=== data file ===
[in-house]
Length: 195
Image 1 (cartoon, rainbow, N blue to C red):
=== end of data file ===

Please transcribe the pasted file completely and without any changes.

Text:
[in-house]
Length: 195
Image 1 (cartoon, rainbow, N blue to C red):